Image courtesy of Library of Congress
Union offiicers arrest former Representative Clement Vallandigham of Ohio for sedition. Vallandigham was exiled to the Confederate States, but returned to his native state in 1864.
On this date, Clement Vallandigham
, a Representative who was eventually convicted of treason, was born in Ohio. The son of a Presbyterian minister, Vallandigham eventually became a prominent lawyer in a thriving practice in Dayton. A believer in states’ rights, low tariffs, and slavery, Vallandigham was an ardent Democrat and his passion for the party sustained him through a long series of electoral losses. In his third attempt to win a Dayton-area seat in the House, Vallandigham lost by 19 votes in 1856. On the second-to-last day of the 35th Congress
(1857–1859), he successfully contested the election of his opponent, Lewis Campbell
. For the 36th Congress
(1859–1861) he won the first of two very narrow elections. Losing re-election in 1862, Vallandigham focused his attentions on protesting the Civil War. His motto “the Constitution as it was; the Union as it is,” demonstrated his ardent support for the federal union coupled with his vehement opposition to the extraordinary powers President Abraham Lincoln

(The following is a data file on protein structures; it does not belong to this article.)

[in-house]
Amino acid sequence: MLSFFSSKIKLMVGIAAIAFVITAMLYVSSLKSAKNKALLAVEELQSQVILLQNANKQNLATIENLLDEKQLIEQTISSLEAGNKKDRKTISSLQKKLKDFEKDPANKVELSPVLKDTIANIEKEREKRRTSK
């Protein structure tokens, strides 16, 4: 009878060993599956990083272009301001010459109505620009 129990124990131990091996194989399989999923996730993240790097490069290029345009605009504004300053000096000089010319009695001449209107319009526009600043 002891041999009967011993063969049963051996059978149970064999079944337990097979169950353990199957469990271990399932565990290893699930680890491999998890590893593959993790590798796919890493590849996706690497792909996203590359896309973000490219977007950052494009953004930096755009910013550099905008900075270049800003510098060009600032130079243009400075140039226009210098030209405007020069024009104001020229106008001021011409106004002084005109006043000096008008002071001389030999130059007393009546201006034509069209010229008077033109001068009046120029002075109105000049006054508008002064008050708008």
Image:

assumed during the conflict. A prominent leader of the anti-war “Peace Democrats” (or Copperheads), Vallandigham was arrested on May 5, 1863, and charged with “publicly expressing…his sympathies with those in arms against the Government of the United States.” Upon his conviction, the Lincoln administration banished him to the Confederacy. After less than a year, he escaped to Canada and, despite his exile, the Ohio Democratic Party nominated him for governor in demonstration of its support. In 1864, Vallandigham secretly returned to Ohio and, after the war, began campaigning for office on his “New Departure” plan for rehabilitating the South in opposition to GOP-backed Reconstruction. Failing to win election to the House in 1868, Vallandigham returned to his law practice. On June 17, 1871, the prominent defense lawyer attempted to prove a client innocent of murder, arguing that the victim had shot himself. Demonstrating this possibility before the court with a gun he thought was unloaded, Vallandigham accidentally shot himself. He died of his wound twelve hours later.